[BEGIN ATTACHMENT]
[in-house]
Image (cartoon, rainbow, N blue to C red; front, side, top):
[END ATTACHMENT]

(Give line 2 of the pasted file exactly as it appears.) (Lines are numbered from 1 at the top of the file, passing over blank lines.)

Image (cartoon, rainbow, N blue to C red; front, side, top):